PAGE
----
This kind of problem could be solved if they just had a row of locked booths, but that would be too expensive for a retailer like Zara, I presume.
rode_kater
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Re: Another Daily Mail rant

Post by rode_kater »

I don't think I've come across gendered changing rooms. Are they different in some way? Seems like the requirements are the same no matter who is doing the changing and what the clothes are.
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Stu
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Re: Another Daily Mail rant

Post by Stu »

To me, the matter is wholly dependent on the construction of the fitting room. I have seen such rooms that are essentially enclosed cubicles with hangers and mirrors and there is no reason why they shouldn't be unisex. If the best they have is a curtain, then I don't think it should be unisex and the fitting rooms should be in separate areas. I am hugely self-conscious if a female is around when I am trying on a garment and I can glimpse or hear a female a few feet away - and for the same reason I don't want females of ANY age in the men's public changing rooms, shower areas or toilets. Women are entitled to their privacy and I am entitled to mine.
rivegauche
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Re: Another Daily Mail rant

Post by rivegauche »

In my comment on the article (axed by the Daily Mail) I made the point that they are not women's fitting rooms. They are fitting rooms for people who want to try on the clothes. I do not select the changing room to use - the staff do - I always ask - I don't just walk into the fitting rooms. I have twice been asked to use the male fitting rooms - ironically once in Zara but generally staff actually prefer you to use the fitting room nearest to the merchandise you are trying so that different sizes are readily accessible if needed. In the UK most large shops have dedicated fitting rooms for departments, which Daily Mail readers interpret as gender-specific. There have always been shops like Outfit (now gone) and White Stuff that sell to all genders and just have one set of fitting rooms. Chains like Phase Eight and Hobbs (two of my favourites) do not market to males but are very happy for men to try on their goods. There is no 'male' option for fitting rooms in these shops. One local independent boutique directs me to a large room with lots of mirrors "where I will be more comfortable" and they are dead right - much better changing facilities than the wimmin get! The way that the market is going, with young people becoming more gender fluid and many older men becoming more confident about trying on skirts and dresses before buying them, it is only a matter of time until fitting rooms become officially gender neutral, or gender neutral ones are an option in large stores.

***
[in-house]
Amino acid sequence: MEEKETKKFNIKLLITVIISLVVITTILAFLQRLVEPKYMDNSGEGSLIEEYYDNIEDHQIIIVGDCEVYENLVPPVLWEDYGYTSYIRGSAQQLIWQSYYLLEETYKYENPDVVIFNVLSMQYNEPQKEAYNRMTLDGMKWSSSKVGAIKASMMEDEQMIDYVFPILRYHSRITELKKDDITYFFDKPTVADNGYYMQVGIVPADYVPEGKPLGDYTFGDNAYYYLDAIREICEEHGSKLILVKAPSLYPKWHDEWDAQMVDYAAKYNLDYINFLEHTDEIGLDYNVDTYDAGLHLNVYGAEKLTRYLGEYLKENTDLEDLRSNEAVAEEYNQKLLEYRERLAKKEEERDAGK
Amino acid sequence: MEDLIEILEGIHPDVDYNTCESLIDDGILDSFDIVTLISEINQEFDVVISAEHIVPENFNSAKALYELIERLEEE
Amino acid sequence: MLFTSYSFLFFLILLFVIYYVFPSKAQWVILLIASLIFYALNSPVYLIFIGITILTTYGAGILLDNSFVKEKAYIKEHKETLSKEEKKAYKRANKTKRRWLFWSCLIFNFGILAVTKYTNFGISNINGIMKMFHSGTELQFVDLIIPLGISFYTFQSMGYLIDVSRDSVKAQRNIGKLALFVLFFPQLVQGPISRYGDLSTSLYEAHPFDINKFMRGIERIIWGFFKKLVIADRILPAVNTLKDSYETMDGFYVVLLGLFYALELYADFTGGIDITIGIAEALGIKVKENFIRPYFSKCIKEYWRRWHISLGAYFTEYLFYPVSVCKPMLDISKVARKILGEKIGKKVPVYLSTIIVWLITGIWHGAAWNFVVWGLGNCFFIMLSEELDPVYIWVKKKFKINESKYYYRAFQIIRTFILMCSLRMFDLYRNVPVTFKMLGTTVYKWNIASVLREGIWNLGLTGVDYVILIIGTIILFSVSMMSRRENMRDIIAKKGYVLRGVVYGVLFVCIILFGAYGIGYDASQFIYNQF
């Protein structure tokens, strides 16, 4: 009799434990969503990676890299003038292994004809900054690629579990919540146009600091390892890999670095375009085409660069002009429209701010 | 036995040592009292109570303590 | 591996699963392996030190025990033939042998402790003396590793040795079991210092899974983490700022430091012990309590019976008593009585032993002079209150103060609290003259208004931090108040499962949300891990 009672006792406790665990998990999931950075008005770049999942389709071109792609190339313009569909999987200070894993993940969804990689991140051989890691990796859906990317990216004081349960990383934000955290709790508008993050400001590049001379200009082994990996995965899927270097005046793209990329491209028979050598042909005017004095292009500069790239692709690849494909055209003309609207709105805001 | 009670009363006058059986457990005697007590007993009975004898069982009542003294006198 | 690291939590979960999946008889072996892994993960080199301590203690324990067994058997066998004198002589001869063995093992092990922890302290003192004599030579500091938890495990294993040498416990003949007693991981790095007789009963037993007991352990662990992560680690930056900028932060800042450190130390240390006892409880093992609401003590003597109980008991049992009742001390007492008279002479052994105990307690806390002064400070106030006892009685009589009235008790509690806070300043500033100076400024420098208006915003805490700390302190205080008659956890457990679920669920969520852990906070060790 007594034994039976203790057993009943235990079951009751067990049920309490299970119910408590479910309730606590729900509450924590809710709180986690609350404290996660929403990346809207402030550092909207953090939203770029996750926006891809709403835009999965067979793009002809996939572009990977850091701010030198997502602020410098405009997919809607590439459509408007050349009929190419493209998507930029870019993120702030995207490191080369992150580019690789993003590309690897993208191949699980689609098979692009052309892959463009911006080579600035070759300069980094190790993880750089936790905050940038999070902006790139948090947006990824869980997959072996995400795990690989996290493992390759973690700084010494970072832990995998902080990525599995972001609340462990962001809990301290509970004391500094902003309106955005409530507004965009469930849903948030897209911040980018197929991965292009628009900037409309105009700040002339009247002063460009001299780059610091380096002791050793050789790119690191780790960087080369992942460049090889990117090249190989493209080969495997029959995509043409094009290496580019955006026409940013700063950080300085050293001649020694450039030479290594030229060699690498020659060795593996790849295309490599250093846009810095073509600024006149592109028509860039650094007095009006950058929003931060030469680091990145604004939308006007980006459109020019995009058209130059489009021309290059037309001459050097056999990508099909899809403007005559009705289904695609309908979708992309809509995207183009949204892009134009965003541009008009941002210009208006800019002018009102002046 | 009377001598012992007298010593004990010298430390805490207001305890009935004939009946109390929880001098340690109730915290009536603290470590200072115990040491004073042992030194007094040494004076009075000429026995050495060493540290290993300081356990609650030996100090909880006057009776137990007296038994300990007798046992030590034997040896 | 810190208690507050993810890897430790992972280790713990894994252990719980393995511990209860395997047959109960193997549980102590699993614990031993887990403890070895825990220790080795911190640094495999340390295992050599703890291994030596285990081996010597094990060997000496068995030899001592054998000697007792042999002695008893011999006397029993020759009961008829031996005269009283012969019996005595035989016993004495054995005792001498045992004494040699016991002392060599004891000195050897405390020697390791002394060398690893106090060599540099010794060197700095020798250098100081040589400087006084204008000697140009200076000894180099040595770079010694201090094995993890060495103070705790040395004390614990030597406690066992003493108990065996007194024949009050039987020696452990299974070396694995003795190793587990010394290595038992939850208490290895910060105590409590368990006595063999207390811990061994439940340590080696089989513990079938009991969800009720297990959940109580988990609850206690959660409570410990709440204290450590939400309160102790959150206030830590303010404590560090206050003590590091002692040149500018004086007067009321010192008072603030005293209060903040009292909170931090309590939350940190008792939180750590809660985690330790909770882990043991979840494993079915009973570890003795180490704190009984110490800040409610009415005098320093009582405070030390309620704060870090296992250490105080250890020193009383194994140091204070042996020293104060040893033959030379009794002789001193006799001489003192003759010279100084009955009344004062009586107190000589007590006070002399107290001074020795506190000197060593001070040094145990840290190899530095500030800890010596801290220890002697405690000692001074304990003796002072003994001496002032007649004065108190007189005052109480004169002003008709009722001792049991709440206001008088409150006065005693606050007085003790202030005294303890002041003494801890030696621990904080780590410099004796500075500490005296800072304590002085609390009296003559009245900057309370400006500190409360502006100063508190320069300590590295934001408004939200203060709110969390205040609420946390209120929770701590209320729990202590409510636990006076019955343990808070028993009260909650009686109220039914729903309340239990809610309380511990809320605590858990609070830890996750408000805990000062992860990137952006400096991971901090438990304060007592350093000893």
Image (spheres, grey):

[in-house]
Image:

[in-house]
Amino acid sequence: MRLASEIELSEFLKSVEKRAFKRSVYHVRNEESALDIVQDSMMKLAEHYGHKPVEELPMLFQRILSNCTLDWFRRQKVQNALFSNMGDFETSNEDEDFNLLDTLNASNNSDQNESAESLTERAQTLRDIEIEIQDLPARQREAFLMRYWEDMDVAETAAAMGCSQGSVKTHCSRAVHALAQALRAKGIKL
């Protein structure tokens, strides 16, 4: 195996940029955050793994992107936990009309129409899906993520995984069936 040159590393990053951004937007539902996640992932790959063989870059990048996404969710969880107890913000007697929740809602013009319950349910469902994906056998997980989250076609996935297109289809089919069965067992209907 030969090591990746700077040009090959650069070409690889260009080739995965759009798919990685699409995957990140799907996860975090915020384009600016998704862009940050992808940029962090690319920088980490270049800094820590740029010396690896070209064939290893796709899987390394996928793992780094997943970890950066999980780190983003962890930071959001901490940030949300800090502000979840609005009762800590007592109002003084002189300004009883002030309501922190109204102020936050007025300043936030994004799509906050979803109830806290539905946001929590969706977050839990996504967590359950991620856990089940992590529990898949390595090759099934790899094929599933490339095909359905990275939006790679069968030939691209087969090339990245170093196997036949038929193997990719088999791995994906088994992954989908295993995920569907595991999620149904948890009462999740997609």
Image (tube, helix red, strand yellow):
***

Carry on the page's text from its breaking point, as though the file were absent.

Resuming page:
If men are uneasy about trying on clothes in the vicinity of women then they should seek their own solution. I am comfortable with that situation and I have yet to encounter any customer who had a problem with me using a fitting room. All cubicles should give complete privacy - but that is a separate issue.
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Fred in Skirts
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Re: Another Daily Mail rant

Post by Fred in Skirts »

I have been using changing rooms in women's departments for years now and have not had any problems. Most are divided up into cubes and some have heavy curtains, others have saloon doors, while others have full doors on them. I have been in one that just had cubes and no doors in a woman's department store. Still no problems there either.

In the article the headline is very miss leading and actually is a down right lie.
Why WERE two 6ft men allowed in my Zara changing room as I stood there in a bra?
Well it wasn't HER changing room, she was in the public area of the dressing rooms.
I did not read much further into the article after I realized it was just a puff piece to try to incite a riot in the comments section of this rag.
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rode_kater
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Re: Another Daily Mail rant

Post by rode_kater »

rivegauche wrote:
Wed Dec 08, 2021 5:37 pm
In the UK most large shops have dedicated fitting rooms for departments, [...]
This is probably the difference. The majority of clothing stores here are <80m2, they don't have the space to do fancy things with fitting rooms. One chain (HEMA) tends not to have fitting rooms at all, but they've basically had the same clothing sizes since forever, so if you know what size you are there you never need to fit anyway. Otherwise you can just do it at home and return it later if it doesn't fit.

And I suppose it's something you get used to. Europe in general has a much more relaxed view of the birthday suit. Everybody has one after all. It's not like you're taking off your underwear, so there's nothing to see that you wouldn't see at a swimming pool.
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Stu
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Re: Another Daily Mail rant

Post by Stu »

rivegauche wrote:
Wed Dec 08, 2021 5:37 pm